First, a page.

Ok, so if that's the case then linear velocity won't matter. A slower velocity would actually be better -- too fast the reed switch may not have time to react :-).

And, the only reason to mount the magnet close to the rim is to get the transmitter closer to the receiver. However, mine is located about opposite the rotor, close to the BOTTOM of the fork slider, and I am still well within the 70cm distance limit stated in the manual (29" wheel). The closer the better I guess.

Anyway, the magnet hast two tabs (one on each side) and I couldn't see not using both of them. Also, my rims are off-center dished, and the distance from the slider to the spokes is pretty large near the top.

Thanks for the enlightment.

The thread is old, but the consensus at that time does seem to be that Cateye uses reed switches. I will listen and try to hear it.

That does raise another concern. What happens if you happen to park the bike with the magnet near the sender? Wouldn't that drain battery in a hurry? The manual does not mention this.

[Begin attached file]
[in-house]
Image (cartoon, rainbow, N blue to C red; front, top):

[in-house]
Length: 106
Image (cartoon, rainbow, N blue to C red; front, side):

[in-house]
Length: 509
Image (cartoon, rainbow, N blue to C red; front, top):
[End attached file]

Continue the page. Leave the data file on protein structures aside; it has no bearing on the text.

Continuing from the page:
17. Originally Posted by SenorSerioso
Most computers do this calculation for you. Just enter the code from the table for your specific tire size and you're good to go.
those table measurements are crap. They're for lazy people who won't do a rollout.

Tires vary a lot from brand to brand and model to model within the same "listed" size.

Plus, the pressure you use will change that rollout. Higher pressures will result in a larger circumference, lower pressures result in a smaller circumference.

The only computers that do this calculation for you are GPS enabled computers, and not all of them will.